Family claims wrongful eviction from Southeast Memphis apartment

MEMPHIS, Tenn. — A family that just moved to Memphis from Chicago was evicted Thursday after their landlord claimed they haven't paid rent.

The family said they have paid rent, so WREG looked into the landlord's claims.

"Come Dec. 31, we get a knock on the door from, I believe a sheriff, saying we have to be out of here tomorrow," Leanne Lake said.

Lake, her fiancé Wllie Johnson and their three children moved to Memphis from Chicago only a few months ago.

"We were actually looking for a place in October, and I located one on Craigslist in October," Lake said.

She said the condo they found in the Fox Hollow complex is nothing she and her family could have ever imagined.

"We have garbage piled up from when we first moved in here, no cabinets, electrical issues, water damage," she said.

They said when the water is running in the upstairs bathroom, it also runs through the kitchen ceiling vents.

"This ceiling cries when the water runs in my kid's bathroom upstairs ... the ceiling cries," Johnson said.

Except for treating the unit for roaches, the pair said problems have been ignored by property owner Ghassan"Gus" El-Tayech. They said he accused them of not paying their rent, and he wants them out.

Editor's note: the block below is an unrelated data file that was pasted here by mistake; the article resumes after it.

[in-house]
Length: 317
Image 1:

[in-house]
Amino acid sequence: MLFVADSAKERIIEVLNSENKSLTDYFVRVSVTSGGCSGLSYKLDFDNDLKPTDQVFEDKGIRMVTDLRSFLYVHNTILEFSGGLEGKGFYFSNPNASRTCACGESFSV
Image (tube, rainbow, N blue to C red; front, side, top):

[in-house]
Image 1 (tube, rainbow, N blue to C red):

Lake insisted they have paid their bills, and she showed receipts for fees paid when they moved in.

"We met up with him with $1,250 for security deposit, first months rent and application fee," Lake said. "November was pro-rated because we moved in in the middle of October. So we only had to pay $360 in November."

Lake and Johnson said they tried to contact El-Tayech Wednesday morning with no luck, so WREG tried to contact him. This attempt was successful, but he was not interested in speaking with reporters.

"You need to leave, sir. You need to leave my property," he said. "You need to leave the property, please."

In the meantime, Lake and Johnson are standing firm, hoping a last-minute miracle will keep them from the curb.

"Like the court said, there ain't nothing they can do," Johnson said. "The papers have been put in, nothing really they can do. So, like, we're just gonna have to move."

Notice: you are using an outdated browser. Microsoft does not recommend using IE as your default browser. Some features on this website, like video and images, might not work properly. For the best experience, please upgrade your browser.